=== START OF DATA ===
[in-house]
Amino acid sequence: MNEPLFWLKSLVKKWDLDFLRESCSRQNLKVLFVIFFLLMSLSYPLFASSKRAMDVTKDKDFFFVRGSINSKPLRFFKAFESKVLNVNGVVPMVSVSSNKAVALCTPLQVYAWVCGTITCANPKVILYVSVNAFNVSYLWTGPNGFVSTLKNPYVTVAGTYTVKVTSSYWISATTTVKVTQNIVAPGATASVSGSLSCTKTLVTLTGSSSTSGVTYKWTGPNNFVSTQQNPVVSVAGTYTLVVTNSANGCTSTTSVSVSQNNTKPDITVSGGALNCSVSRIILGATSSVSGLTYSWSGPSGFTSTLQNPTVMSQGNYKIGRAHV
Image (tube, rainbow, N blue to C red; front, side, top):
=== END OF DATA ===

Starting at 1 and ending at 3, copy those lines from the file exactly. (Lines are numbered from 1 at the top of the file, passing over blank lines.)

[in-house]
Amino acid sequence: MNEPLFWLKSLVKKWDLDFLRESCSRQNLKVLFVIFFLLMSLSYPLFASSKRAMDVTKDKDFFFVRGSINSKPLRFFKAFESKVLNVNGVVPMVSVSSNKAVALCTPLQVYAWVCGTITCANPKVILYVSVNAFNVSYLWTGPNGFVSTLKNPYVTVAGTYTVKVTSSYWISATTTVKVTQNIVAPGATASVSGSLSCTKTLVTLTGSSSTSGVTYKWTGPNNFVSTQQNPVVSVAGTYTLVVTNSANGCTSTTSVSVSQNNTKPDITVSGGALNCSVSRIILGATSSVSGLTYSWSGPSGFTSTLQNPTVMSQGNYKIGRAHV
Image (tube, rainbow, N blue to C red; front, side, top):